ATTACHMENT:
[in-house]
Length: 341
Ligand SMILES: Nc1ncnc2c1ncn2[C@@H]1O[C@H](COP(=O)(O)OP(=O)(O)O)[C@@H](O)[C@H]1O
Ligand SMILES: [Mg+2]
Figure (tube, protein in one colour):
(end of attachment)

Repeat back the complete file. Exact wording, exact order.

[in-house]
Length: 341
Ligand SMILES: Nc1ncnc2c1ncn2[C@@H]1O[C@H](COP(=O)(O)OP(=O)(O)O)[C@@H](O)[C@H]1O
Ligand SMILES: [Mg+2]
Figure (tube, protein in one colour):